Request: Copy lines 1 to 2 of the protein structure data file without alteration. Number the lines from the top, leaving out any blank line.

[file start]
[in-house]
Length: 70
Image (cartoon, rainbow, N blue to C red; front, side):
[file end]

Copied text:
[in-house]
Length: 70